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Aged Teacher Sues School Administrators for Refusing to Grant Promotion

Being too old for a supervisory post tend to shun employers. Administrators argue that aged employees lack the agility and attractiveness that are vital for leadership, but are present among younger employees. Sadly, this reason may put owners into legal trouble as Title VII of Civil Rights Act prohibits such ...

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Sexual Harassment Suit Against Steven Seagal Dismissed

Sexual Harassment Suit Against Steven Seagal Dismissed

Action star Steven Seagal made the news a few months ago in the most unsavory way when a former personal assistant accused him of sexual harassment and illegal sexual trafficking. The lawsuit, which was filed against him by a former model Kayden Nguyen, asked for more than a million dollars worth ...

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David Carradine’s Widow Sues French Film Company for Wrongful Death

David Carradine’s Widow Sues French Film Company for Wrongful Death

The wife of deceased actor David Carradine has filed a wrongful death lawsuit against the French company who was handling Carradine’s film before he died. The actor had only been in Bangkok, Thailand for 3 days when he died. The suit claimed that during the production of the movie “Stretch”, MK2 ...

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Britney Spears’ Former Bodyguard Claims He Was Sexually Harassed

Britney Spears’ Former Bodyguard Claims He Was Sexually Harassed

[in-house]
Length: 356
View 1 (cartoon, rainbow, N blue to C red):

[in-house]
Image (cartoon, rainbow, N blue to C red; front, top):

Oops, she did it again. Former pop princess Britney Spears’ ex-bodyguard is now claiming that he was sexually harassed by the star during his employment. According to Fernando Flores, Spears constantly “came onto” him and walked around naked in front of him. He is allegedly considering filing a multi-million dollar lawsuit. While Spears’ ...

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How To Survive An Office Romance Gone South

How To Survive An Office Romance Gone South

Breaking up is hard to do, especially if you’re involved with an officemate, or worse, a superior. In an era rife with sexual harassment lawsuits, many workplaces have enacted policies about prohibiting relationships between employees or managers such as Starbucks. But office rules and regulations cannot exactly stop love, especially since ...

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Various Wage and Hour-related Claims You Can File as a California Worker

Various Wage and Hour-related Claims You Can File as a California WorkerIncidents of wage theft are nothing new in the State of California. Indeed, many employers still commit violations to the state’s labor laws, wherein they either deliberately or unintentionally deny workers their labor rights. If you are a non-exempt worker in California, you know that you are a victim of wage theft if you have not been paid of your minimum wage and overtime wages. You are likewise a victim of wage theft if you have been denied meal and rest breaks, as well as denied tips. If this happens to you, it is important that you are aware of your rights and that you must take action of your situation right away.